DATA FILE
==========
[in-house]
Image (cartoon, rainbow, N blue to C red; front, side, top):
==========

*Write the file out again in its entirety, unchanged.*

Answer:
[in-house]
Image (cartoon, rainbow, N blue to C red; front, side, top):